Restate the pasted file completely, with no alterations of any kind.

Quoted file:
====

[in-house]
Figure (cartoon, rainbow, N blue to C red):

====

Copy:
[in-house]
Figure (cartoon, rainbow, N blue to C red):